And did anything I wrote make sense?!
Um, what? LOL, maybe it is late but I am not understanding your question
Nope – it’s all me. I’ve trying to figure out how to ask this for a while…lemme try it this way: what if the navy and white dress were navy and red, could you treat it as a solid navy dress OR a solid red dress or does the background need to be white. And with the background being white, can you treat it as a white dress? Don’t think of it any more tonight, it will rot your brain!
It’s a little trickier when the prints don’t have a white ground. However, it’s not impossible. It really starts to all depend on the print. Using your example, if it was a red and navy dress it does become trickier because you always want to make sure that what you are accessorizing with the dress does work with the colors in it. And, yes, if the background is white then you can treat it like a white dress, but you still want to make sure that the accessories you are pairing with it works with the other color. I hope that makes sense.
I’m not a professional like Bridgette, so my input is probably less helpful. But…I think a red and navy dress could easily be accented with something like a soft green or tonally with a lighter blue or with a neutral. You have to pick a color that looks great with both the colors in the dress. I wouldn’t treat it like a solid though. I like to consider total number of colors in an outfit, with a maximum of 5 (including neutrals). To be interesting most outfits need 3 (kind of like the base, accent, and pop Bridgette talks about so much). So with a navy and red dress, the dress would count for 2. Then a green cardigan (or green shoes + earrings) might look nice for 3.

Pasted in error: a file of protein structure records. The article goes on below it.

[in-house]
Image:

Heather, thanks for weighing in and please never feel shy to offer your two cents!!! All of our opinions matter! It’s funny, I thought about green because you know how versatile I think it is. However, my hesitation was the idea of combining red and green. Perhaps the blue will balance it, but I always think of Christmas when those two colors are combined! But I do think you are on to something, regardless, and I love your ideas!
Something else to consider is white or metallic. Meaning, instead of the white being in the ground of the print, use it as an accent. And, of course, we all know how versatile a great metallic sandal or bag is!
Anyway, thank you for your valuable insight and thoughts, Heather!!
After I posted my comment I wished I had suggested a different color than green. 🙂 I just happened to be wearing navy (base), aqua green (accent), and dark red pop right now, so that’s the color combo that came to mind.
Love these combos, but I would really like to see some ideas using Dobbin dresses again which are somewhat similar. I thought they were particularly nice, high quality and versatile. I haven’t found the same quality with Boden! An added bonus–they’re from your hometown of NYC!!
Thanks Mary! Agree, Dobbin dresses are wonderful. I know the company well and Jess, the co-owner, is a good friend. Using their clothes in these posts are tricky because they don’t use product shots. It’s hard to crop around models. But I am always happy to feature them!
I have a printed blouse that is white/red/black/pink and for years I wore it with black pants and a black or red blazer; however, after reading one of Bridgitte’s post about doing 2 colors with a black and white skirt. I started wearing it black pants and a pink sweater…WOW have I gotten so many compliments…..Thank you for sharing your wonderful knowledge!!!!!!